Treatment options and decisions are often based on the results of clinical trials. We have evaluated the public availability of results from completed, registered phase III clinical trials on diabetic nephropathy and current treatment options.
This was a cross-sectional analysis in which STrengthening the Reporting of OBservational studies in Epidemiology criteria were applied for design and analysis. In June 2017, 34 completed phase III clinical trials on diabetic nephropathy in the ClinicalTrials. gov registry were identified and matched to publications in the ClinicalTrials.gov registry and to those in the PubMed and Google Scholar databases. If no publication was identified, the principal investigator was contacted. The ratio of published and non-published studies was calculated. Various parameters, including study design, drugs, and comparators provided, were analyzed.
Drugs/supplements belonged to 26 different categories of medications, with the main ones being angiotensin-converting enzyme inhibitors, angiotensin-II receptors blockers, and dipeptidyl-peptidase-4-inhibitors. Among the trials completed before 2016 (n = 32), 22 (69%) were published, and ten (31%) remained unpublished. Thus, data on 11 different interventions and more than 1000 patients remained undisclosed. Mean time to publication was 26.5 months, which is longer than the time constrictions imposed by the U.S. Food and Drug Administration Amendments Act. Most trials only showed weak effects on micro- and macroalbuminuria, with an absolute risk reduction of 1.0 and 0.3%, respectively, and the number needed to treat varied between 91 and 333, without any relevant effect on end-stage-renal disease by intensive glucose-lowering treatment. Comparison of the results, however, was difficult since study design, interventions, and the renal outcome parameters vary greatly between the studies.
Despite the financial and human resources involved and the relevance for therapeutic guidelines and clinical decisions, about one-third of phase III clinical trials on diabetic nephropathy remain unpublished. Interventions used in published trials showed a low efficacy on renal outcome.
Deutsche Forschungsgemeinschaft (DFG): SFB 1118.
Similar content being viewed by others
The ever-increasing global prevalence of diabetes mellitus, which was estimated to affect over 415 million people worldwide in 2017 , is giving rise to serious concern among healthcare providers. Diabetic nephropathy (DN) is a major complication associated with both type 1 and type 2 diabetes (T1DM and T2DM, respectively) and is the leading cause of end-stage renal disease (ESRD) . DN follows distinct phases, wherein glomerular hyperfiltration is followed by a relentless decline in renal function, typically occurring over a 15- to 20-year period . The development of ESRD requires the patient to receive dialysis or undergo renal transplantation, two procedures which are associated with excess morbidity and mortality . The current standard treatment regimen for patients with T2DM involves lifestyle modifications and medical treatment targeted against the fundamental dysregulation of glucose and hypertension [3, 5], but this strategy is unable to affect the underlying pathophysiology of the DN. Although the results of many studies indicate a correlation between the degree of hyperglycemia and progression of DN, diabetic patients receiving intensive glycemic control therapy continue to develop DN. Hyperglycemia can in fact induce modifications in gene expressions which persist even after normoglycemia is restored through a process known as metabolic memory . In a recent study, the risk of development of kidney complications was correlated with a specific cluster of diabetic patients with insulin-resistance, leading the authors to suggest that glucose-lowering therapy is not the optimum management strategy for preventing this complication. Hence, there is a need to focus on new therapeutic targets and initiate treatments at an early stage in order to prevent complications . Treatment options and decisions are often based on the results of clinical trials that meet the highest standards of scientific rigor and ethical oversight . The specific aim of phase III clinical trials is to confirm results obtained in previous experimental trials; as such, phase III clinical trials must test experimental study drugs or treatment in larger populations in order to confirm the effectiveness and safety of use of the drug(s) under study (https://www.fda.gov/). To realize the benefits of a clinical trial, the results must be shared quickly after the study has concluded . However, timely dissemination of clinical trial results continues to be a serious issue. Since favorable results of intervention by drugs are twofold more likely to be published than negative or unfavorable results , the efficacy of a drug may be overestimated by the medical community, and trials may be unnecessarily repeated. Beyond the impact on treatment decisions, however, there is an explicit ethical obligation to publish towards study participants, as mandated by the Declaration of Helsinki. Therefore, the non-publication of trial outcome data is against ethical obligations that investigators have towards study participants. In this context, the aim of our study was to assess the public availability of results of phase III clinical trials on DN. Since treatment options and decisions are often based on clinical trials, knowledge on current therapies and their outcome is of utmost importance.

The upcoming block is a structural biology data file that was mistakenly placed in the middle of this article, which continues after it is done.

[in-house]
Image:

The analysis was performed according to STROBE (STrengthening the Reporting of Observational studies in Epidemiology) criteria. This article is based on previously conducted studies and does not contain any studies with human participants or animals performed by any of the authors.
Clinical Trials Search